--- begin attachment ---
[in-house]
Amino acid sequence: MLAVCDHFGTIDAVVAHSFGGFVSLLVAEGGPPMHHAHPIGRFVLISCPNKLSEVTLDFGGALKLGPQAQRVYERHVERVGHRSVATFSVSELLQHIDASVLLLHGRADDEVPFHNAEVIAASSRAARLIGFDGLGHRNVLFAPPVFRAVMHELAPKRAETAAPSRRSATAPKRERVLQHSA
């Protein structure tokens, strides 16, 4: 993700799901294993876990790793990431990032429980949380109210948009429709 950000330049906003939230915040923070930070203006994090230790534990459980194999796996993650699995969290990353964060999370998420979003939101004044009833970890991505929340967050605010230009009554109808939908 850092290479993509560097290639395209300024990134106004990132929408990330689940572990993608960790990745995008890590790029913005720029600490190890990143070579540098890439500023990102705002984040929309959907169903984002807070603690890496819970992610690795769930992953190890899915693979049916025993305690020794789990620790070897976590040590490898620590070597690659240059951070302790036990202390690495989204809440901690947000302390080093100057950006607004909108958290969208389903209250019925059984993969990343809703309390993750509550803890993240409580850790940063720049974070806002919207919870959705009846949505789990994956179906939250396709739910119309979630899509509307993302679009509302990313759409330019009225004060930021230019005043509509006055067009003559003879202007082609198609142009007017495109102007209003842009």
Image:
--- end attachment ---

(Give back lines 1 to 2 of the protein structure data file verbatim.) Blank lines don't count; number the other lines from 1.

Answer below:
[in-house]
Amino acid sequence: MLAVCDHFGTIDAVVAHSFGGFVSLLVAEGGPPMHHAHPIGRFVLISCPNKLSEVTLDFGGALKLGPQAQRVYERHVERVGHRSVATFSVSELLQHIDASVLLLHGRADDEVPFHNAEVIAASSRAARLIGFDGLGHRNVLFAPPVFRAVMHELAPKRAETAAPSRRSATAPKRERVLQHSA